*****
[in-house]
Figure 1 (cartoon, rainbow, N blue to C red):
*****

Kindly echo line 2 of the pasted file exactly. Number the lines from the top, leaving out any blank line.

Figure 1 (cartoon, rainbow, N blue to C red):